Search Atlanta’s history over the past 65 years and you’ll find George Goodwin’s name subtly interwoven. His role in shaping the city is preserved in the archives of the state’s major universities. Be it planning for growth and development; sustaining libraries and the arts; promoting philanthropy; improving education; advancing race relations or encouraging civic responsibility, George Goodwin was a force for progress and understanding. He helped charities and foundations raise and distribute money. He applied his exceptional writing skills to present the city favorably to business interests around the world. Mr. Goodwin’s ability to listen and then share advice was valued by generations of Atlanta civic, business and government leaders. Mayors William B. Hartsfield, Ivan Allen Jr., Sam Massell, Maynard Jackson, Andrew Young, and Shirley Franklin sought his counsel as did many seeking public office. He was admired as a progressive thinker who understood and drew energy from the urban environment.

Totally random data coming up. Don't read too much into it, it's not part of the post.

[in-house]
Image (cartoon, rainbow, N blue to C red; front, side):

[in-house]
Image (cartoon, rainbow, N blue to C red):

Born and raised in Atlanta’s West End, he lived near the Wren’s Nest library branch which became almost a second home for him. As a teenager, he sold issues of The Saturday Evening Post. Mr. Goodwin was a life-long supporter of his alma mater, Atlanta’s old Boys High School, and in 2006 – with Herbert Miller and Anya Martin – wrote the book “Boys’ High Forever: The History of an Extraordinary Atlanta Public High School.” Washington and Lee University, from which he graduated in 1939, awarded him an honorary doctorate in 1997. He served in the Office of Naval Intelligence in the Pacific during World War II and was a Purple Heart recipient. Mr. Goodwin is also honored with a place in the Atlanta Press Club’s Hall of Fame and was the 2011 recipient of the Central Atlanta Progress Dan Sweat Award.